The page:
10.8 percent is the highest unemployment numbers have been since the current method of calculating statistics were adopted in the 1970's. Historians say the state's numbers were higher during the Great Depression.
Unemployment in North Carolina is expected to keep climbing through this year, leaving the question of how much higher the state's record-setting jobless rate will go.
Only four states are worse off than NC -- based on the March numbers.
The news was expected for many of the state's unemployed.
"Here we are looking for work at the worst possible time to be looking for work," unemployed worker Dale Pendleton said.
Over the past year, the national recession has led to hundreds of thousands of job cuts and layoffs in the Tar Heel state, boosting the state's unemployment rate to a record 10.7 percent in February. It crept up another tenth of a percent in March. Those numbers are the highest since the state started keeping records in the mind 1970s.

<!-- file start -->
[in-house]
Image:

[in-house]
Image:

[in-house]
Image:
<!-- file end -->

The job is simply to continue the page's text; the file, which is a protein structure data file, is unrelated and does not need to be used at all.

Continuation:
Thursday, a Garner K-Mart announced it is laying off 71 people. It's one of many companies in the state cutting back. The crisis has prompted Governor Beverly Perdue to create a new program, which will quickly train people who have lost their jobs.
The training will be for positions in health care, car repair, plumbing and food service.